Tag Archives: tourists

WHAT IF ALIENS BEHAVE LIKE US?

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Once in awhile I read some cutesy, Pollyanna-ish story about how wonderful it will be when we finally make contact with an “alien intelligence” or “extraterrestrial visitors” from another star system.  Wouldn’t that be lovely?  We could all sit down and have a nice chat about our respective cultures.  Or, perhaps we can invite them over for tea and show them our photo albums of our vacations and the grandkids.  Lovely, just lovely.  Right?

Well, let’s just hope they don’t look like the photos below!  Furthermore, let’s hope they don’t treat us like we’ve treated each other during the history of Earth.  Take Columbus, for example: he and his men raped, murdered and enslaved every native citizen they found in Haiti when they landed in the “New World”.  The British Empire massacred and enslaved millions of Africans.  The Romans Emperors invaded, stole, raped, pillages, plundered and massacred millions of Europeans.  The Catholic Church murdered millions of “infidels” just because they didn’t share the same philosophy of “love and understanding” as the Pope.  International oil companies (using their government armies) invade, murder and steal land to secure gas and oil rights all over the world.  International Bankers force millions into poverty and starvation to personal financial gain.  It never stops.

So, the question is this:  What if aliens turn out to behave like us?  (It’s a rhetorical question…).

ALIEN TAKING A LUNCH BREAK AT THE “EARTH CAFE”.  WHO’S FOR LUNCH?

A TYPICAL EXTRATERRESTRIAL “EXPLORER”

TOURISTS AT A CRUCIFICXION

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POSTCARD FROM 37 BCE

Crucifixion was often performed to terrorize and dissuade its witnesses from perpetrating particularly heinous crimes. Victims were left on display after death as warnings to others who might attempt dissent. Crucifixion was usually intended to provide a death that was particularly slow, painful (hence the term excruciating, literally “out of crucifying”), gruesome, humiliating, and public, using whatever means were most expedient for that goal. Crucifixion methods varied considerably with location and time period.

The Greek and Latin words corresponding to “crucifixion” applied to many different forms of painful execution, from impaling on a stake to affixing to a tree, to an upright pole (a crux simplex) or to a combination of an upright (in Latin, stipes) and a crossbeam (in Latin,patibulum).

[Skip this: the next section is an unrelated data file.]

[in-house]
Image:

In some cases, the condemned was forced to carry the crossbeam on his shoulders to the place of execution. A whole cross would weigh well over 300 pounds (135 kg), but the crossbeam would not be quite as burdensome, weighing around 100 pounds. The Roman historian Tacitus records that the city of Rome had a specific place for carrying out executions, situated outside the Esquiline Gate, and had a specific area reserved for the execution of slaves by crucifixion. Upright posts would presumably be fixed permanently in that place, and the crossbeam, with the condemned person perhaps already nailed to it, would then be attached to the post.

While a crucifixion was an execution, it was also a humiliation, by making the condemned as vulnerable as possible. Although artists have depicted the figure on a cross with a loin cloth or a covering of the genitals, writings by Seneca the Younger suggest that victims were crucified completely naked.  When the victim had to urinate or defecate, they had to do so in the open, in view of passers-by, resulting in discomfort and the attraction of insects. Despite its frequent use by the Romans, the horrors of crucifixion did not escape mention by some of their eminent orators. Cicero for example, described crucifixion as “a most cruel and disgusting punishment”, and suggested that “the very mention of the cross should be far removed not only from a Roman citizen’s body, but from his mind, his eyes, his ears.”

Frequently, the legs of the person executed were broken or shattered with an iron club, an act called crurifragium, which was also frequently applied without crucifixion to slaves. This act hastened the death of the person but was also meant to deter those who observed the crucifixion from committing offenses.  — REFERENCE SOURCE:  Wikipedia.org

HOW TO ASK FOR HELP IN A FOREIGN COUNTRY

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NOTE TO IGNORANT AMERICANS:  CUT and PASTE ONE OF THE FOLLOWING PHRASES INTO THIS HANDY GOOGLE TRANSLATOR LINK TO COVERT THE TEXT TO ENGLISH)

Like most Americans your probably don’t speak “foreign” languages.  To help you identify yourself to the “natives” in a foreign country you will find the following phrase useful while travelling abroad.  Just speak the phrase S..L…O…W…L…Y in the appropriate language from the following list.  The “natives” will understand that you are an American and will render the appropriate assistance to you:

SPANISH:  Soy un ávido, sediento de sangre, santurrón hipócrita.

FRENCH:  Je suis un avide, sanguinaire, bien-pensants hypocrites.

GERMAN:  Ich bin ein gieriger, blutrünstig, selbstgerechten Heuchler.

DUTCH:  Ik ben een gulzig, bloeddorstige, zelfingenomen hypocriet.

RUSSIAN:   Я жадный, кровожадные, самодовольные лицемером.

CHINESE:  我是一個貪婪,嗜血,自以為是的偽君子。

POLISH:  Jestem chciwy, żądny krwi, obłudny hipokryta.

GREEK:   Είμαι άπληστος, αιμοδιψής, φαρισαϊκή υποκριτής.

SWAHILI:  Mimi ni tamaa, simba, self-haki mnafiki.

HINDI:   मैं एक लालची, जालिम, पाखंडी पाखंडी हूँ.